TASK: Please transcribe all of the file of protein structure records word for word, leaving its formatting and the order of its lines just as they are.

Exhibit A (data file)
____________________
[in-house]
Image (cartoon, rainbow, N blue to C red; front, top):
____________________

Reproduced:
[in-house]
Image (cartoon, rainbow, N blue to C red; front, top):